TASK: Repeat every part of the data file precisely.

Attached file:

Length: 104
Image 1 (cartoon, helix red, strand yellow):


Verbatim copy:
Length: 104
Image 1 (cartoon, helix red, strand yellow):